What’s the Relationship Between Diabetes Stigma and Tech? Well, It’s Complicated
People with type 1 and 2 diabetes report experiencing diabetes stigma regardless of which devices they use. But when we start looking at which groups report the most stigma, the results get interesting.
As more and more people with diabetes are able to access wearable medical technology, there is a question of whether these devices either add to or reduce diabetes stigma, which refers to the stereotypes, blame, judgment, or prejudice that people with diabetes unfairly experience. Wearable medical technology like continuous glucose monitors (CGM) and insulin pumps are often visible, meaning the devices are inadvertently making diabetes a more visible chronic condition than it once was. Because of this, people who use these devices may be singled out as different or “other.”
Researchers wanted to know if these technologies affect whether a person experiences stigma, or if stigma may be acting as a barrier to using CGMs and insulin pumps. As diaTribe’s Stigma program manager, I had the pleasure of presenting some research in this field at the American Diabetes Association’s 83rd Scientific Sessions in San Diego, California – and it turns out the relationship between stigma and device use is not as predictable as we thought.
Surveying diabetes stigma
Research came from an online survey conducted in August 2022 among 594 adults with type 1 diabetes and 947 adults with type 2 diabetes. In those with type 2, more than 60% of participants were on insulin treatment.
The survey asked participants 19 diabetes stigma-related questions. Most notably, the participants were asked questions included in the type 1 and type 2 versions of the Diabetes Stigma Assessment Scale (DSAS). These scales have been validated, meaning they have been rigorously studied to show their effectiveness in measuring a person’s experience of diabetes stigma.
The scales include questions separated into three categories. “Treated Differently” and “Blame and Judgment” are included in both scales, while the type 1 scale (DSAS-1) includes a section called “Identity Concerns” and the type 2 version (DSAS-2) has a section called “Self Stigma.” The higher the overall score – or a higher score in an individual category – the greater the experience of diabetes stigma.
Diabetes Stigma Survey Results
Our results showed that the answer to the question, “What is the relationship between diabetes stigma and diabetes technology?” might be more complex than we initially thought.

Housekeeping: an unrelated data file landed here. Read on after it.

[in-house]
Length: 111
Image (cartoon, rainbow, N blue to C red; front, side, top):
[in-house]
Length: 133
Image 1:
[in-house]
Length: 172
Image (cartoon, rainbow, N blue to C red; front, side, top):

Here’s what we learned from the group of people with type 1 diabetes:
- Those who were not using any device (neither a CGM nor an insulin pump) had significantly higher DSAS-1 total scores on average than all other groups (those wearing a CGM, insulin pump, or both).
- Specifically, this group had higher “Treated Differently” and “Identity Concerns” subscores.
Here’s what we learned from the group of people with type 2 diabetes:
In those who were not treated with insulin, adults using a CGM had higher DSAS-2 total scores on average than those not wearing a CGM.
Specifically, this group had higher “Treated Differently” and “Blame and Judgment” subscores.
Those who were treated with insulin had average higher DSAS-2 scores than those who were not treated with insulin, which confirmed previous research on this topic. However, there were no significant differences in scores between the different device groups in those treated with insulin.
What the results tell us about diabetes stigma and wearable devices
So what does this all mean? It means that the relationship between stigma and device use is not as straightforward as we thought.
Originally, our research team suggested that people using CGMs and insulin pumps may experience more stigma because of the greater visibility of their diabetes. And while our results in people with type 2 diabetes not on insulin treatment support that original guess, in people with type 1 diabetes, the opposite was actually true.
In people with type 2, there is a chance that device (and thus diabetes) visibility may be associated with a person’s experience of diabetes stigma. However, that’s not the whole story.
In fact, based on our results from those with type 1 diabetes, we are also beginning to consider the idea that stigma might be impacted by judgments from others about what diabetes management “could” or “should” look like. For example, people may feel judged by others because they’re not using devices like CGMs and insulin pumps.
Overall, it’s clear that diabetes stigma remains a challenge for people with type 1 and type 2 diabetes. Research shows that roughly 4 in 5 people with diabetes report experiencing some form of diabetes stigma, and around 1 in 5 report experiences of discrimination. These experiences of exclusion, rejection, prejudice, and blame are important to acknowledge because diabetes stigma can impact mental and physical health, self-care, and self-esteem.
The more researchers and healthcare professionals can understand how stigma impacts people’s adoption or use of tools to manage their diabetes, the better they can try and anticipate when stigma may be influencing decisions regarding technology use.